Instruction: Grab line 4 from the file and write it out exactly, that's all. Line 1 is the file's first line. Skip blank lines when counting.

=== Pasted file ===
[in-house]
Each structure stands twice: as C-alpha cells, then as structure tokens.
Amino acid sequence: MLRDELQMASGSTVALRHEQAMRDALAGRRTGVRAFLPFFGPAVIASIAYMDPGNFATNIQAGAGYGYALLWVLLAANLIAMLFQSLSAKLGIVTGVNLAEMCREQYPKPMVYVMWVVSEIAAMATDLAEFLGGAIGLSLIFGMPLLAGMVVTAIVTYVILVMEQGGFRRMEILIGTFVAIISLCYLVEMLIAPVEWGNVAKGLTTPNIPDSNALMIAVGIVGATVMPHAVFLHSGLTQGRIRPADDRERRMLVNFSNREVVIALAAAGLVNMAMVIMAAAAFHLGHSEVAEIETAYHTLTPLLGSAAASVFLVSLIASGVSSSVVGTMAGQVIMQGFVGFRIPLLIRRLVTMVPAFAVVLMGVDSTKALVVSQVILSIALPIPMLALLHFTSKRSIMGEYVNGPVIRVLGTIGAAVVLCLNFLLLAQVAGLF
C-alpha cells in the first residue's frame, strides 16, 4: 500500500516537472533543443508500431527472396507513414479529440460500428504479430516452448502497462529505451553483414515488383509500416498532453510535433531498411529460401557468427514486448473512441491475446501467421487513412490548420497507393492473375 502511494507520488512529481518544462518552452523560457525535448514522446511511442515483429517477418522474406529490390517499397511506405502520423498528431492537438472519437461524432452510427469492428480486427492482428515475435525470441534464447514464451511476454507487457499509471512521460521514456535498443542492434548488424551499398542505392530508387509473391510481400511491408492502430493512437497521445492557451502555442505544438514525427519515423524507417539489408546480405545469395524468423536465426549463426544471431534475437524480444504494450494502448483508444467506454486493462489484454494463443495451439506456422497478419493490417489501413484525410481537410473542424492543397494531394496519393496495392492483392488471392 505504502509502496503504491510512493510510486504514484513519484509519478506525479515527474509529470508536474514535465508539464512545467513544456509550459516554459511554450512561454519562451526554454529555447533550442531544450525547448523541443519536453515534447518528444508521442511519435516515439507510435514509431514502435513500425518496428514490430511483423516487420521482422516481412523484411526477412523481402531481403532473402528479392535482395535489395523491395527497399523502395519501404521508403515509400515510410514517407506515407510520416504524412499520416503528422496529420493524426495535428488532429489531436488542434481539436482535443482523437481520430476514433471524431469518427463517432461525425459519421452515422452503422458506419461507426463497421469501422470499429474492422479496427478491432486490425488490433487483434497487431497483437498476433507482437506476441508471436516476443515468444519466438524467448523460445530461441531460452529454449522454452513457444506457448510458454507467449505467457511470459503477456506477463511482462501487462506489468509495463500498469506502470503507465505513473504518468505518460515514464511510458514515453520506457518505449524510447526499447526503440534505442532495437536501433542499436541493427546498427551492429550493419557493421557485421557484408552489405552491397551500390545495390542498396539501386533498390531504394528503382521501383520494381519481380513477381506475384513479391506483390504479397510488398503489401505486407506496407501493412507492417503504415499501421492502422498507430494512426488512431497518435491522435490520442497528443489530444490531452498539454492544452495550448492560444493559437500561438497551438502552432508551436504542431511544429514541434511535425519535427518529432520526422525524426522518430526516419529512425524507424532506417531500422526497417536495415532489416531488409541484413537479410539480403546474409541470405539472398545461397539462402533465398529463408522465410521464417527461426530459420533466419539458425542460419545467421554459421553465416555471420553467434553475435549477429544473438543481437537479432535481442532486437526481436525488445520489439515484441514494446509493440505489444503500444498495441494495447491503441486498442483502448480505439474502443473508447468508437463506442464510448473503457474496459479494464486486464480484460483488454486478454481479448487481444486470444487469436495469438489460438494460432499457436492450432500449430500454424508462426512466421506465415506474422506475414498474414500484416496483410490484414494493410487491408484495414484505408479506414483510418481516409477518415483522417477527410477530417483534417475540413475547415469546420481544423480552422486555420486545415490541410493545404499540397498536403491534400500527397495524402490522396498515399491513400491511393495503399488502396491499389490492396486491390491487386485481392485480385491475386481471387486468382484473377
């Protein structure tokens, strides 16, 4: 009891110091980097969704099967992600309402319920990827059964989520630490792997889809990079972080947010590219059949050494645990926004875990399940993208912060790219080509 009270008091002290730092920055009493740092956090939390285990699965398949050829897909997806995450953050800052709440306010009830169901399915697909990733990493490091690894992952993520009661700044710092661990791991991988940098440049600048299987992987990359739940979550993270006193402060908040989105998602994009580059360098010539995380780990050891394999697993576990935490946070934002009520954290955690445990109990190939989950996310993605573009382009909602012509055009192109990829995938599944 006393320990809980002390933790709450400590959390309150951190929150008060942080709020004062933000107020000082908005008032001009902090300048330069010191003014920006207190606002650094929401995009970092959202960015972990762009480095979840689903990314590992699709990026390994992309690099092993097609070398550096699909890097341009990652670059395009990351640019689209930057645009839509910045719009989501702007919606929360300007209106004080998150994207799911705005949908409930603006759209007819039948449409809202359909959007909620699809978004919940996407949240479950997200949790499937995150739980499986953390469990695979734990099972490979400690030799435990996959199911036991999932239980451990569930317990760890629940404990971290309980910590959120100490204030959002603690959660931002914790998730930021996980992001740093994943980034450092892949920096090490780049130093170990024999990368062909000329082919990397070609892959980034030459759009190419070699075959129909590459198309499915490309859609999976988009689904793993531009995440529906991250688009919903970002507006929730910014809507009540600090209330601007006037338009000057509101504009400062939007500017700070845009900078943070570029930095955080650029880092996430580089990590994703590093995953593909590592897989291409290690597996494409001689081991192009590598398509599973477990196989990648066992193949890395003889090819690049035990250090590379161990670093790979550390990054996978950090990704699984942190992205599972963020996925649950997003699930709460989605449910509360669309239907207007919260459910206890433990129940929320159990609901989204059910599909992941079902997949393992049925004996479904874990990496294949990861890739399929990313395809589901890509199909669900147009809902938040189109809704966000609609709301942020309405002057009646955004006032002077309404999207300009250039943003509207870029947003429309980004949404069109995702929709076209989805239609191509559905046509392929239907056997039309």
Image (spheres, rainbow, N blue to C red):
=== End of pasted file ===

C-alpha cells in the first residue's frame, strides 16, 4: 500500500516537472533543443508500431527472396507513414479529440460500428504479430516452448502497462529505451553483414515488383509500416498532453510535433531498411529460401557468427514486448473512441491475446501467421487513412490548420497507393492473375 502511494507520488512529481518544462518552452523560457525535448514522446511511442515483429517477418522474406529490390517499397511506405502520423498528431492537438472519437461524432452510427469492428480486427492482428515475435525470441534464447514464451511476454507487457499509471512521460521514456535498443542492434548488424551499398542505392530508387509473391510481400511491408492502430493512437497521445492557451502555442505544438514525427519515423524507417539489408546480405545469395524468423536465426549463426544471431534475437524480444504494450494502448483508444467506454486493462489484454494463443495451439506456422497478419493490417489501413484525410481537410473542424492543397494531394496519393496495392492483392488471392 505504502509502496503504491510512493510510486504514484513519484509519478506525479515527474509529470508536474514535465508539464512545467513544456509550459516554459511554450512561454519562451526554454529555447533550442531544450525547448523541443519536453515534447518528444508521442511519435516515439507510435514509431514502435513500425518496428514490430511483423516487420521482422516481412523484411526477412523481402531481403532473402528479392535482395535489395523491395527497399523502395519501404521508403515509400515510410514517407506515407510520416504524412499520416503528422496529420493524426495535428488532429489531436488542434481539436482535443482523437481520430476514433471524431469518427463517432461525425459519421452515422452503422458506419461507426463497421469501422470499429474492422479496427478491432486490425488490433487483434497487431497483437498476433507482437506476441508471436516476443515468444519466438524467448523460445530461441531460452529454449522454452513457444506457448510458454507467449505467457511470459503477456506477463511482462501487462506489468509495463500498469506502470503507465505513473504518468505518460515514464511510458514515453520506457518505449524510447526499447526503440534505442532495437536501433542499436541493427546498427551492429550493419557493421557485421557484408552489405552491397551500390545495390542498396539501386533498390531504394528503382521501383520494381519481380513477381506475384513479391506483390504479397510488398503489401505486407506496407501493412507492417503504415499501421492502422498507430494512426488512431497518435491522435490520442497528443489530444490531452498539454492544452495550448492560444493559437500561438497551438502552432508551436504542431511544429514541434511535425519535427518529432520526422525524426522518430526516419529512425524507424532506417531500422526497417536495415532489416531488409541484413537479410539480403546474409541470405539472398545461397539462402533465398529463408522465410521464417527461426530459420533466419539458425542460419545467421554459421553465416555471420553467434553475435549477429544473438543481437537479432535481442532486437526481436525488445520489439515484441514494446509493440505489444503500444498495441494495447491503441486498442483502448480505439474502443473508447468508437463506442464510448473503457474496459479494464486486464480484460483488454486478454481479448487481444486470444487469436495469438489460438494460432499457436492450432500449430500454424508462426512466421506465415506474422506475414498474414500484416496483410490484414494493410487491408484495414484505408479506414483510418481516409477518415483522417477527410477530417483534417475540413475547415469546420481544423480552422486555420486545415490541410493545404499540397498536403491534400500527397495524402490522396498515399491513400491511393495503399488502396491499389490492396486491390491487386485481392485480385491475386481471387486468382484473377